Resisting the European External Action Service

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Series Details Vol.20, Issue 2/1, August 2015, p21–37
Publication Date August 2015
ISSN 1384-6299
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The article joins the discussion on the resistance to norms in Common Foreign and Security Policy (CFSP) by focusing on the European External Action Service (EEAS). It begins by defining the norms that are associated with the EEAS as: (1) close cooperation by the Member States with the EEAS, (2) sharing information and (3) abstaining from influencing staff of one’s own nationality and Seconded National Experts (SNEs) along one’s own national interests. Then, the authors continue by analysing the types of resistance and explaining why the Member States choose to resist the norms related to the organization they had previously created with a unanimous decision. The article concludes that even if soft rules may at first seem to be less costly than hard laws, their less constraining nature does not automatically imply less resistance. All three types of instruments identified by Saurugger and Terpan in the introduction1 have been used for resistance with information and communication being the most commonly employed. Cognitive distance between the European and national level seem to have stronger explanatory value than the financial and social resources of Member States.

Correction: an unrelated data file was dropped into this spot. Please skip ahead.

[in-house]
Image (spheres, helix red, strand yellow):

This article is part of a Special Issue of the European Foreign Affairs Review.

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